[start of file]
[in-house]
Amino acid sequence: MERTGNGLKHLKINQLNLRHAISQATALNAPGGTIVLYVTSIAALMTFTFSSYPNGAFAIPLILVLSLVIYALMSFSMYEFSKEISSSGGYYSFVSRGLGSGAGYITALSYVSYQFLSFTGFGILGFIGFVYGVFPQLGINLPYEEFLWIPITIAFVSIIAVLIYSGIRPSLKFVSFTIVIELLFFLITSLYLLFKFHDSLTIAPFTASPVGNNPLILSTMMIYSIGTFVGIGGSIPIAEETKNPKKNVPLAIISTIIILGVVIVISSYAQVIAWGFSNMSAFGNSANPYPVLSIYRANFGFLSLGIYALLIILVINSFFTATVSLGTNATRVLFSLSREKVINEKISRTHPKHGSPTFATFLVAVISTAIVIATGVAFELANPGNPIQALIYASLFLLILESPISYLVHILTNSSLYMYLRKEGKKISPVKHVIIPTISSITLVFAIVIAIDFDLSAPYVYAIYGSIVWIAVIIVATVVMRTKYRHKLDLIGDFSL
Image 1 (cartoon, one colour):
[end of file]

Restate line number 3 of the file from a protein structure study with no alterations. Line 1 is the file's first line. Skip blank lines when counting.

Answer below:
Image 1 (cartoon, one colour):